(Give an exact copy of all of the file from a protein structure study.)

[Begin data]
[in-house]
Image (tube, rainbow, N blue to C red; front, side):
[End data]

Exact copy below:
[in-house]
Image (tube, rainbow, N blue to C red; front, side):